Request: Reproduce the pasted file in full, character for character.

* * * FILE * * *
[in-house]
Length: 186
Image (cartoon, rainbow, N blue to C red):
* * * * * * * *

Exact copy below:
[in-house]
Length: 186
Image (cartoon, rainbow, N blue to C red):